“My early parenting years reeked of immaturity and manipulation. I unwittingly subjected my children to emotional, psychological and spiritual bullying that wounded their vulnerable souls. I made them strangers in their own lives as they bartered parts of themselves trying to please me. I passed my own childhood shame on to them. I was devastated when I finally awoke from my cultural trance and realized what I had been doing ... 
“[Shaming is] a look, a tone, a name, a tease, a rebuke, a challenge, or a question that subtly implies: What is wrong with you? Shaming incubates fear of not being good enough, of being unworthy to be embraced and loved by others. It is a sense of being flawed and inwardly broken … 
“Despite my multiple apologies, the damage I did to them was irretrievable. I could not erase the numerous times I had made them feel wrong so that I could feel right. I could not return to them their sense of courage after having forced them, by fear, into acceptable human packages of behavior.”
Words cannot express the degree to which I bitterly regret the effects that my stilted role-playing and my shame had on my children. My only defense is that it was not conscious or intentional. Beyond this, however, I stand naked, exposed to the full import of the consequences of who I was:  “Despite my multiple apologies, the damage I did to [my children] [is] irretrievable.” 

Coming out has already blessed me to see all of what I have just described. It has also given me the opportunity to break out of my “role” and to start living an authentic life. I now have the opportunity to try, despite various types of obstacles, to form more authentic relationships with each of my children, to love them genuinely, free from the toxins of self-hatred and a belief-system that places form over substance.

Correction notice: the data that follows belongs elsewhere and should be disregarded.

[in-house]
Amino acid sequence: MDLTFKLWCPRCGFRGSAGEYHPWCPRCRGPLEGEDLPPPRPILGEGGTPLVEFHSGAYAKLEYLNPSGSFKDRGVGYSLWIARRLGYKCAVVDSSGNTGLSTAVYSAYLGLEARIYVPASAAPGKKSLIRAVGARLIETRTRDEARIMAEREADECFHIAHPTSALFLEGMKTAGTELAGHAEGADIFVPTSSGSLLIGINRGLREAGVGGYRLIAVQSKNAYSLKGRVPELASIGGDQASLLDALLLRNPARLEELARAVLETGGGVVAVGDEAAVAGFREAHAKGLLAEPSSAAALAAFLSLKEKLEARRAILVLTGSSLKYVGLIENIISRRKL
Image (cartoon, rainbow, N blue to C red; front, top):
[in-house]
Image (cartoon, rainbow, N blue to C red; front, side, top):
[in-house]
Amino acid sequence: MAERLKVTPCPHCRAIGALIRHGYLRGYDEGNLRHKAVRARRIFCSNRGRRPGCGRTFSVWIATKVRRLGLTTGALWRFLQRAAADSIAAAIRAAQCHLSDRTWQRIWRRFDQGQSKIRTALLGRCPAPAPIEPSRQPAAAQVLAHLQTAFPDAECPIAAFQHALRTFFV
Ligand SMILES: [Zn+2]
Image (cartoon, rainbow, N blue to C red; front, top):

In so doing, I am very conscious of the fact that I cannot do this on my own; in particular, I cannot unilaterally heal that which has been broken in my relationships with my children. 

Some members of the LDS Church are wont to talk about “applying the Atonement.” I have never understood this phrase and frankly despise it; in my mind, it reduces the Atonement to some sort of mathematical formula in which Christ becomes frankly (and paradoxically) irrelevant.

What I need, what I believe I have been offered, is Grace. In this regard, I am reminded of a scripture that my oldest daughter read in stake conference when she was six years old:  “We love him because he first loved us” [1 John 4:19]. It is impossible to love when filled with self-hate. Grace must first consume that self-hate, and only then can authentic love flow.

“Grace strikes us when we are in great pain and restlessness. It strikes us when we walk through the dark valley of a meaningless and empty life… Grace strikes us when our disgust for our own being, our indifference, our weakness, our hostility, and our lack of direction and composure have become intolerable to us. 
“Sometimes at that moment a wave of light breaks into our darkness and it is as though a voice were saying, ‘You are accepted. You are accepted by that which is greater than you… Do not seek for anything; do not perform anything; do not intend anything. Simply accept the fact that you are accepted.’”
-   Paul Tillich, Protestant theologian

My hope on this Fathers’ Day weekend is that the Grace that has enabled me to accept myself will now bless my relationships with my children so that what is misunderstood may be understood, what is hurt may be healed, and what is broken may be made whole.